A Practical Guide to a Moving Experience
The decision to move a company should be straightforward. You’re tight on room and have no space for growth; the facilities are dilapidated, etc. And yet it’s so easy to go into a denial mode – “Yes, we can still make this work.”
Unfortunately, at some point, reality sets in, and you realize you must move. Once that day hits (even if it’s taken a year or a decade to get there), there‘s no going back. You must move forward. At this point, it’s as if you’ve stepped off the cliff, but you must spring into action and consider all options.
Established in 1925 by A.M. Fulton, Security Signs was located at 436 S.E. 12th Ave. in Portland, OR, for 60 years. The founder’s son, Robert, sold it to us in 1997. Due to significant growth, we moved into our 33,000-sq.-ft., state-of-the-art facility at 2424 S.E. Holgate Blvd., also in Portland, in October 2005. The moving process taught us how to plan the new facility’s layout and survive a move successfully.
The first logical decision is to focus on what to do with your existing facility. In our case, our lease was up in roughly a year from our stepping-off-the-cliff point. Also, we declined an offer to purchase our existing building.
Once you’ve addressed this issue, you can focus on the next question: Is it best to build (you’ll need land), buy an existing building or lease?
Our good friend and sage, Ron Jacobs, of Berry Neon Sign Systems, advised us against building, based on his experience. He thought leasing or buying an existing facility gave us more control over expenses and cost overruns.
While we were busy contemplating these three scenarios, we formulated a wish list to help us determine the appropriate choice. We listed “must haves” and “would be nice to haves.” We also considered the geography, such as access to freeways and major roads, traffic congestion, and our employees’ home locations. We pinpointed a map to help us eliminate certain areas that didn’t fit our criteria.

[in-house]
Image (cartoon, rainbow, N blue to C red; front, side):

Ideally, you would relocate where you could retain all your employees – at least those you want to keep. In our case, we considered both Washington and Oregon because we were near their borders, and the tax structures are very different.
Size was a major consideration. After having been cramped in 10,000 sq. ft., we knew we wanted at least 25,000. Plus, we needed a yard and large truck lot. We had an option on an existing facility, when a customer approached us to be tenants in a building he had just purchased. We thought we wanted to own, not lease, a building, but this facility seemed perfect for us and in a great part of town. Finally, he made us an offer we couldn’t resist.
Because the site is a leased facility, the taxes are included in the lease. The lease payment was the same as for our previous, 10,000-sq.-ft. facility. We just renegotiated a new, five-year lease for a nominal difference.
Obtaining 33,000 sq. ft. allowed us to keep our trucks on site and park two crane and two bucket trucks in the shop. We have more space in our “bone yard” for our other five trucks. Previously, we leased space offsite for our trucks. We also expanded our vinyl department; we built a room to accommodate a digital printer and expanded other departments.
Before and during lease negotiations, my son Kevin worked on the budget to ensure financial feasibility. You don’t want any surprises, even though they’ll pop up. Although the budget figures will be staggering, remember, this is a long-term purchase. Keep reminding yourself about the major boosts in productivity, efficiency and safety instead of obsessing about a major cash outlay. Keep yourself moving forward.
Because our facility met nearly all our requirements, we negotiated some tenant improvements. The landlord built a wall in the shop, at his cost, to separate our space from his. He added some fencing, and we borrowed the money for the rest. (Of course, Tom, my husband, and I don’t ever plan to retire! You’ll be amazed at what a new, shiny paint booth costs.)